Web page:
The conductor, Xian Zhang is one classy lady. One of the criticisms of the classical music scene is that it can be, well, rigid, stuffy, and unable to contemporarize. Classical music doesn’t have to be this inaccessible; and  programs like tsoundcheck have gone a long way to introduce the youth to classical music, and teach the older generation that music doesn’t have to be enjoyed the way their parents enjoyed it. True, the nature of hearing a live un-amplified symphony requires silence (concert douchebags need not apply!), but that doesn’t mean you can’t let some exuberation spill out in between pieces. At the end of every piece, Xian would playfully point out the musicians who did a great job and make them stand up during applause. You stand up, yes you, the timpani player (then she’d pretend to play the timpani), yes you, stand up, you did a good job. It’s gestures like these that remind me that classical music doesn’t have to be treated with that stoic “stiff upper lip” attitude that tends to prevail.

[Leonard Bernstein’s] music evokes a simpler time in the 50’s when we built things really really quickly. During most of the West Side Story stuff, I had the distinct urge to build a house.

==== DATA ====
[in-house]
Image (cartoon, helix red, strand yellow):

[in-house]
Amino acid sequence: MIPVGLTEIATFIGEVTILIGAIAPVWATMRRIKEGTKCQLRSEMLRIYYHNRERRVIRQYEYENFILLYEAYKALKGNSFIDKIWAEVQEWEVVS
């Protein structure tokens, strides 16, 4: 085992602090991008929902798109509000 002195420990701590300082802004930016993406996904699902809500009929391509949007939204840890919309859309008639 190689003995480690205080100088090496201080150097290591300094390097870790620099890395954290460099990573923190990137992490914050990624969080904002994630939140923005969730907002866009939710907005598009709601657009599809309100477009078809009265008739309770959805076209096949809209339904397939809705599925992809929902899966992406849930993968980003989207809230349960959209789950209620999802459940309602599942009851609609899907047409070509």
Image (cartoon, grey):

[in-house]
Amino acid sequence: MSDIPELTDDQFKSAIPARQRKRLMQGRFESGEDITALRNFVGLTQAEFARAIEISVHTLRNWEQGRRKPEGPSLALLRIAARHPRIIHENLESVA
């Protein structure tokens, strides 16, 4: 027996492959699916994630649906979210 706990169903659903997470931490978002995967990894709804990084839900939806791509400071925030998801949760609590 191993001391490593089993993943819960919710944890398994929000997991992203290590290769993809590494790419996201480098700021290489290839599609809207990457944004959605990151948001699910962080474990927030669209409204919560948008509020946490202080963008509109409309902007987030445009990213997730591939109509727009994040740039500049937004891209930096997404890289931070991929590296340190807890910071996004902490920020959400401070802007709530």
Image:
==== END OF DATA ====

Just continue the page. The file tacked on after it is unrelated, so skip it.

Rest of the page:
Rachmanivov was followed by some modern classical music scored for the musical theatre. I have to admit that I often shy away from the term “modern classical” music. Not because it’s an oxymoron, but rather because “modern classical” is a genre I just can’t seem to get. The traditional stuff I love: Baroque (Bach), Classical (Mozart), Romantic (Rachmaninov), but the modern stuff is inaccessible to me in a way that I imagine bepop is to people who hate jazz anyway. Thankfully, Leonard Bernstein’s stuff is not that type of modern classical, but more theatrical pop-classical. It’s playful, inventive, and easy to listen to. Much of it reminds me of the Bugs Bunny comics when they were building things like highways and sky-scrapers in fast motion. This music evokes a simpler time in the 50’s when we built things really really quickly. During most of the West Side Story stuff, I had the distinct urge to build a house.

The Toronto Symphony’s season ends this June. Until then, you can catch music from Beethoven, Mahler, Brahms, not to mention The Godfather, Rocky, and Superman (TSO Goes to the Movies!).

Concert Review: The Crystal Method, May 8, The Guvernment

Posted on by guestwriter in Concerts, Everything | 1 Comment